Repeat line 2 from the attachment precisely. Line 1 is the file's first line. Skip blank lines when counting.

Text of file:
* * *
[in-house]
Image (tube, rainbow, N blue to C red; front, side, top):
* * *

Image (tube, rainbow, N blue to C red; front, side, top):